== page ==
Jester, I notice two disturbing things in the above post. One, you have minimal rant skills. Two, you seem to equate beer enjoyment with masculinity. That's the view of the boor or the child. You're young yet, so I'll show you some indulgence. Alcohol isn't the measure of a man. How he handles the booze, should he choose to drink, is probably a better standard.
You see, son, they have these things called "bars." You walk in and order a draft. It's a little more convenient than waiting for your brother to bring you a beer. Think about it--if you liked the beer, you could order another one! Well, ask your brother if he's ever been in one of those modern bars with all of the drafts up on a chalkboard. It's like a menu on the wall. You know what a draft beer is, right? No bottles. No labels. Deciding you didn't want a "Smurfberry Sour Beer" or any of the other cutesy things on offer, you order a Minotaur Nitro Stout. You don't ask the bartender, "Hey, does that have cayenne and coffee in it?" because, frankly, the thought that it might doesn't even occur to you. Surely it would have a name indicating this fact? And what mincing queen would do that to a good stout?
You drain half the pint without thinking. Long day. Velvety nitro stout. It isn't until you've finished that you notice a sour burning in the back of your throat making its way down your esophagus. Thinking maybe it's you, you finish the beer. Heartburn commences. You tell the bartender and learn. Interesting.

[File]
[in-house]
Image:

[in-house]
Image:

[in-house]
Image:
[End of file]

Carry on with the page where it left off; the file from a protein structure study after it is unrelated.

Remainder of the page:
Apparently, there is a subset of humanity that enjoys burning beer. They probably think the measure of a man is in the quality of his beard, eh? One of those things anybody with a spot of testosterone can grow. You know why I shaved my beard? Because of the preening, prancing collection of girly men wandering around in fitted artisinal flannel shirts and white-soled Redwing boots that have never seen any mud, all sporting identical bald fade greaser haircuts and competing with each other over who can be more disgustingly focused on his beard. Their hands are constantly in them, or, worse still, they comb them in public. They clean them carefully after each swig of beer. They talk about, sometimes even make, suspect creams, potions, and unguents for their hairy chins. Their pomades are subjects of conversation.
No, while I agree a beard is a fine enough thing in principle and distrust men who cannot grow them, I decided that the way to distance myself as much as possible from the guy who thinks a beer is hot stuff as long as it's weird enough was to shave. And to keep shaving. Monday through Sunday. Like a boss, not like some guy that "works in advertising" and is really into tiny houses and has an instagram account filled with hunting and fishing and camping photographs other people took even though he gets his nails done and lives in a 3500 a month walkup apartment.
It's nice not to smell spoiled milk after eating an ice cream cone, too.
Either that or I just don't really like beer. Hell, you might be right.
Notre Dame de Paris, priez pour nous y comprise les Jesuites.